- 1 Introduction by Stephen Van Evera, Massachusetts Institute of Technology
- 2 Review by Arie M. Kacowicz, Hebrew University of Jerusalem
- 3 Review by Hendrik Spruyt, Northwestern University
- 4 Review by Cameron G. Thies, University of Iowa
- 5 Review by G. Dale Thomas, Arkansas State University
- 6 Author’s Response by Boaz Atzili, American University
Boaz Atzili’s Good Fences, Bad Neighbors: Border Fixity and International Conflict explores the impact of the norm of border fixity that has arisen in world politics since 1945. He questions the view that a norm of border fixity reliably promotes peace; instead, he argues, the effect of the norm depends on conditions, and under today’s conditions the norm causes more war than peace.
H-Diplo | ISSF Roundtable, Volume IV, No. 5 (2012)
Boaz Atzili. Good Fences, Bad Neighbors: Border Fixity and International Conflict. Chicago: The University of Chicago Press, 2012. ISBN: 9780226031354 (cloth, $97.00); 9780226031361 (paper, $30.00); 9780226031378 (eBook, $7.00-$3.00).
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Published by H-Diplo/ISSF on 2 November 2012
Boaz Atzili’s Good Fences, Bad Neighbors: Border Fixity and International Conflict explores the impact of the norm of border fixity that has arisen in world politics since 1945. He questions the view that a norm of border fixity reliably promotes peace; instead, he argues, the effect of the norm depends on conditions, and under today’s conditions the norm causes more war than peace.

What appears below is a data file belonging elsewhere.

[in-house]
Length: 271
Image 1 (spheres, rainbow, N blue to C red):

Specifically, Atzili contends that among strong states the norm causes peace by dampening conflicts over borders. But among weaker states it operates to preserve, expand and magnify state weakness; this state weakness then causes war. Weak states that would be selected out of the system–conquered–in a world without a border fixity norm survive and fester as failed states when a norm of border fixity prevails. Hence weak states proliferate and their weakness deepens into state failure. These weak and failed states then suffer internal war as they fall into anarchy. These internal wars then sometimes spread to become interstate wars, triggered by conflicts stemming from refugee flows, from aggressive action by diaspora groups, and from neighboring states’ political or economic predatory behavior toward the weak states. This war-spread is magnified by the norm of border fixity, which, by fostering state weakness, makes states less able to dampen the war-causing effects of refugee flows. A more violent world emerges.